Wednesday, February 3, 2010

Are Drug Courts the answer?

AP News | The Columbia Daily Tribune: "JEFFERSON CITY, Mo. (AP) -- Missouri wastes considerable money by putting nonviolent offenders in prison and mishandling those convicted of drug and alcohol crimes, Chief Justice William Ray Price told state lawmakers Wednesday while urging for a new crime-fighting strategy.

Price told a joint legislative session during his State of the Judiciary speech that Missouri officials have spent years to get tough on crime by putting more people in prison and that the state has spent billions of dollars while crime has not been reduced. He said that requires a new technique that uses special drug and drunken-driving courts and rehabilitation efforts to cut down on recidivism of nonviolent offenders."

They have drug courts in Maryland. They are useful at keeping people out of prison, but I still don't like them. What about a policy of freedom? Why is it so hard to allow adults to make their own decisions, their own mistakes, and to hold them accountable if those mistakes infringe on the rights of others? Drug Courts are just the softer side of prohibition, a nicer fascism. And they still keep the criminal gangs in business.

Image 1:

1 comment:

  1. I see a parallel with slavery here. Just like some people fought tooth and nail to keep slaves and could not get over their racial prejudices of blacks walking around "free;" ending prohibition will likewise be a bitter pill for those who nurse their ignorant assumptions (and outright lies) about drugs.

    They treat drug users similar to how they treated slaves. Lock them up. Brutalize them. Use brainwashing to get them to think they are inferior. Use threats to (try to) force them to do, or not do, certain things.

    They have guns and hammers as tools, so everything is a nail to smash or a target to shoot. Using the right tool for the right job is alien to them. If they had a steam roller they'd probably be pressing their clothes with it.


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